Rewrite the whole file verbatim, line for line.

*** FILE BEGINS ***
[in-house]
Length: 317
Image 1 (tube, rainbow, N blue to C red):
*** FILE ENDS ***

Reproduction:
[in-house]
Length: 317
Image 1 (tube, rainbow, N blue to C red):